5 Tech prediction flops for 2020

Tech prediction

No one said that predicting the future is easy and with the rate at which the digital world is advancing, it is perhaps easy to get ahead of ourselves. So what did consumers raise their tech hopes for in 2020, that can no longer be expected?

Uber’s flying cars

In 2017 Uber predicted we’d be hailing flying cabs Jetson style by 2020. It is fairly safe to say that you will not be able to do this within the next year, despite the companies continued exploration and testing of this with regulators. Although, not cutting edge, Uber added helicopter flights to its list of services in New York City. This service is already rolled out in Dubai. Uber also announced it was working with a startup named Joby Aviation, in order to develop ‘ariel ride-sharing’. The new deadline for the flying car, is 2023. Chief Executive Officer at Uber, Dara Khosroshahi tweeted “Getting closer”.

Google’s cloud business to supersede advertising revenue

Cloud services are now huge businesses for the likes of Amazon, Microsoft and Google. In the last 10 years, Google executives predicted that cloud revenue would overtake that which comes from advertising by 2020. Although it is edging ever closer to Amazon Web Services, Google still have a long way to go before they outgrow their main source of revenue. This year, the cloud is expected to represent 15% of revenue for Google, in comparison with 85% for advertising.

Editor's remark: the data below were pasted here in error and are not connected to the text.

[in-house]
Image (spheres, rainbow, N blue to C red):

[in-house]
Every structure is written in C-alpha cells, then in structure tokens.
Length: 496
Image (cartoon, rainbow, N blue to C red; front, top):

Nine out of 10 people over age 6 will own a mobile phone

Ericsson Mobility predicted that 90% of people on earth over the age of 6, would own a mobile phone by the year 2020. Granted, this is a difficult one to measure but visits to developing countries and an expanding ‘digital divide’ suggests we are not even close. Research firm Statista.com estimates global penetration rates to be around 67%. Despite this, according to data collected from the World Bank, one particular milestone that was achieved this year is that the number of mobile subscriptions has actually exceeded the world’s population for the first time. Of course, this statistic can be perceived as unreliable due to one person having more than one device. Furthermore, worry about the possible harmful effects of social media and video gaming overuse by children, could also have an impact on national policies. In the U.S. there is currently a movement that seeks to introduce legislation to ensure that children do not have a smartphone until they are 13 years old. 

The first 95-kilometer hyperloop ride 

Announcing his vision for a “fifth mode of transportation” that involves zipping people through tubes at speeds of 1300 kph, Tesla CEO Elon Musk encouraged tech companies came to his call. Working on systems to suit the entrepreneur’s specifications, leading startups were relatively confident this could be achieved. Then-CEO of leading startup Hyperloop Technologies, Rob Lloyd, stated in popular science ‘I’m very confident that’s going to happen”. Sadly, it has not and so you may have to wait a few more years. Lloyds new company called Virgin Hyperloop One, has a 500-meter test track in California and plans to build one of 32-kilometer in Saudi Arabia in the non-to-distant future. Musk has also experimented with his own hyperloops but so far only has a 1.6 kilometer-long track with Tesla cars moving to a speed of 25 kph. 

1 Bitcoin will be valued at around $1 million:

In 2017 experts in the cryptocurrency community estimated that the price of Bitcoin would reach the value of $1 million by the end of 2020. About 3 weeks after the prediction, a crash took out 83% of the vale in the course of the next year. Although somewhat recovered, the current Bitcoin price of $7,200 still has some catching up to do. Controversial cryptocurrency expert John McAfee still stands by this ever-unlikely prediction.